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I think an single blind test can work fine as long as the tester knows what he is doing and is not visible by the listener. That way the only possible cues would be spoken and those are pretty easy to conceal. We did single blind tests and they resolved to the same results as ABX tests.
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post #8 of 100 Old 09-01-2014, 06:37 AM
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Originally Posted by FMW View Post
I think an single blind test can work fine as long as the tester knows what he is doing and is not visible by the listener. That way the only possible cues would be spoken and those are pretty easy to conceal. We did single blind tests and they resolved to the same results as ABX tests.
I can interpret the above as saying that there isn't a black and white difference between SBTs and DBTs and in fact there is a judgment call that is involved. Then I agree. The closer the SBT comes to being a DBT, the better.

If the person running the experiment is truly not visible to the listeners the listenerers may still be able to pick up cues based on his voice, but they don't necessarily have to. YMMV.

The difference between a SBT and a DBT can be as simple as having two people running tests as I described above, instead of just one.
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post #9 of 100 Old 09-01-2014, 12:08 PM - Thread Starter
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Originally Posted by arnyk View Post
It is true that DBTs and a SBTs are both blind tests, but that does not mean that they are any way equivalent even though they may look that way to a casual viewer of the test.

A DBT experiment is an experiment in which any information about the test that might lead to bias in the results is concealed from both the tester(s), and the subject(s). There is nobody ho knows the correct identity of the unknowns that has any visibility at all to anybody who can possibly affect the outcome of the test.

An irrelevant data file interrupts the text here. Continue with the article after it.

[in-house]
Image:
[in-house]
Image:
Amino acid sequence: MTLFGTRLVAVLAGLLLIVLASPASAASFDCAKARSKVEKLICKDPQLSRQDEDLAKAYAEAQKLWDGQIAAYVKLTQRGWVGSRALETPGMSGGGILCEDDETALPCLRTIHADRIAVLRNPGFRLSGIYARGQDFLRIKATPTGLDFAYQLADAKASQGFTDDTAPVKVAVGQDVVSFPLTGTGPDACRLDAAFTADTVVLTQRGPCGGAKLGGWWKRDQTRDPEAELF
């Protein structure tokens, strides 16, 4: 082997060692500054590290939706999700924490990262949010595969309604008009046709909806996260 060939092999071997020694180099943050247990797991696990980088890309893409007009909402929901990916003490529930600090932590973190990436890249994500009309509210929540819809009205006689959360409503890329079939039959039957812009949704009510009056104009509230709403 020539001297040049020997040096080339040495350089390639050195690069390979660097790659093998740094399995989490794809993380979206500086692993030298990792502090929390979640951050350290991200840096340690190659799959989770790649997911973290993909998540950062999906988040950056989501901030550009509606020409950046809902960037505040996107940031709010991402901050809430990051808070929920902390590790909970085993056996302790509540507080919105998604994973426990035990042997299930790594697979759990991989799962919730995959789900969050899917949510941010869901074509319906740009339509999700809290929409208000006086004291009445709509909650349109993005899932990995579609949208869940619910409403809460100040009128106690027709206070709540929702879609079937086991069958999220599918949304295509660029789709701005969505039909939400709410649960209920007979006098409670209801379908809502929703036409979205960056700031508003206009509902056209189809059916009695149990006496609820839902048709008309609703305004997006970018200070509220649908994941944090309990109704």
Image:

A SBT experiment is an experiment in which any information about the test that might lead to bias in the results is concealed from the subject(s) but not the tester(s) or other persons who are present during the test. There is now someone who knows the correct identity of the unknowns who has some kind of visibility to somebody who can possibly affect the outcome of the test.

For many years SBTs were considered to be adequate until the well-known case of "Clever Hans the Talking Horse" in the early 1800s. Clever Hans was a horse who amazingly enough tapped out correct answers to difficult questions with his hooves. The tests were SBTs in that someone who knew the correct answers was visible to the horse and communicated with the horse whether intentionally or unintentionally via his body language. When the tests were upgraded to DBTs by removing anybody who knew the correct answers from the presence of the horse, the horse suddenly lost his question-answering abilities.

A listening test can't be done with the listener acting totally in a vacuum. The listener needs to know which trial is the current trial, for example. The easiest way to do a double blind test is to prepare a script of the trials and correct identities of the unknowns and give it to someone who controls the technical side of the test, and for example does the switching. This person is completely concealed from everybody else who is involved. A second person calls out the trial numbers, which the concealed person uses to do the switching, and the listeners use to record their results.

The first innovation of ABX was to build a machine that was a mechanical test coordinator that controlled the unknowns and kept the listeners updated as to trial numbers, etc. The second innovation was the ABX comparison method itself which allows sighted evaluations for the purpose of learning what to listen for, and blind tests for the purpose of determining the outcome of the test.
Thank you for the additional clarification of your position and opinions with regards to both SBT's and DBT's.

As stated above, I will re-watch the interview and carefully weight what you have stated against the Q&A that has occurred between Scott and Jon.

Thanks again for your reply
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post #10 of 100 Old 09-01-2014, 12:10 PM - Thread Starter
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Quote:
Originally Posted by spkr View Post